Stack Overflow is a community of 4.7 million programmers, just like you, helping each other.

Join them; it only takes a minute:

Sign up
Join the Stack Overflow community to:
  1. Ask programming questions
  2. Answer and help your peers
  3. Get recognized for your expertise

This question has been asked similarly before, but I can't seem to debug Javascript in Google Chrome.

If I go to Page > Developer the "Debug Javascript" (Ctrl+Shift+L) is disabled. Alt + ` doesn't work.

I'm developing a 'content script' extension so I'm launching chrome with --enable-extensions.

What I'd ideally like to do is set breakpoints and step/run through my script as it executes. I'm a little over my head when it comes to JavaScript, so any guidance is appreciated.

I can get to the 'JavaScript Console,' but can't find the content scripts inside of that. I'm also not sure how that differs from the 'JavaScript Debugger.'

I'm using the latest Dev build of Chrome ( on Windows XP.

share|improve this question
you may put down the version of windows you are using: XP, Vista, 7RC... I know Chrome and Windows 7 don't get along especially well. – Joel May 21 '09 at 23:21
up vote 21 down vote accepted

These answers all seem to be out of date, and since this is ranking highly in google, here's the up-to-date answer:

In Chrome press CTRL+SHIFT+i to bring up the developer tools.

Select 'Sources'

Click the small arrow that allows you to select from the scripts enter image description here

Then select 'Content scripts'

enter image description here

You'll then need to know the id of your extension (available from the chrome manage extensions page) to get to your scripts and debug them as normal.

share|improve this answer
Wow, blast from the past. I don't really remember anything about this question / developing Chrome extensions, but this seems like a solid answer. Thanks for chiming in. – Clayton Hughes Feb 13 '14 at 17:57
You no longer need to know the extension id. They're now listed by name. – Teepeemm Dec 1 '15 at 15:00

Put the following command in your script:


That will launch the Javascript debugger when it gets to that point

share|improve this answer
Does firebug support this any chance? – Chris Marisic Oct 19 '11 at 19:40
I think this works in Firebug. Why not try it and reply back here if it works? :) – Rory Oct 20 '11 at 13:51
This is the best day of my life, thanks! – Hassek Apr 16 '12 at 23:31

Right-click and select Inspect Element, there you'll find the JS debugger, among other debugging tools. The JS debugger should allow you to set breakpoints, etc.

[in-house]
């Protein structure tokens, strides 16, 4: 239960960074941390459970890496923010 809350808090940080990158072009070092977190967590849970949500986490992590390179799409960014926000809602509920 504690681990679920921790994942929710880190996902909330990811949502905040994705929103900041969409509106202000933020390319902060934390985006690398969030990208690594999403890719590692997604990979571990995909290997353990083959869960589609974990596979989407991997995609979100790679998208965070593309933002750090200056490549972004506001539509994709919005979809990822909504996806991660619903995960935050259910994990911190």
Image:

share|improve this answer
Well, this is the JavaScript Console, not the debugger. There seems to be a difference. I'm likely being dense here, but I can't find a way to insert breakpoints into the script at this point. How do I see a content script function that I've added as an Event Listener to a particular object? e.g. I want to be able to debug 'myFuncHere()' in this.addEventListener('click', myFuncHere, true); – Clayton Hughes May 22 '09 at 0:39
If you click the "Scripts" button at the top of the Inspector window, that should be the debugger. You can select a particular script source from a drop down menu and then click on the line number to set a breakpoint. – Scott May 22 '09 at 5:34
Thanks for the tip, Scott, but I don't see any of my user scripts there, just the ones from the website proper. Am I missing something? – Clayton Hughes May 22 '09 at 18:56
I installed the sample GMail checker extension and by right clicking on the installed button at the bottom was able to select 'Inspect Element" which brought up the inspector / debugger scoped to just the extension. – Scott May 22 '09 at 20:31

What you have to do is enable your extension, then in Chrome click "Developer" -> "Javascript Console". Then click the "Scripts" tab. After that you should see a listing just below of all the loaded scripts. You will see scripts for the current page as well as all the scripts for any extensions you have installed. (If you don't see any scripts listed after opening the console, you may have to refresh)

It seems that all Chrome extensions get assigned a unique ID. You can find out your ID by viewing the Chrome Extensions page in Developer Mode.

Then it's just a matter of searching through the scripts in the dropdown for your script. Select your script and you can set breakpoints etc.

There's a lot more info on the Chrome Dev Tools here:

share|improve this answer

Your Answer


By posting your answer, you agree to the privacy policy and terms of service.

Not the answer you're looking for? Browse other questions tagged or ask your own question.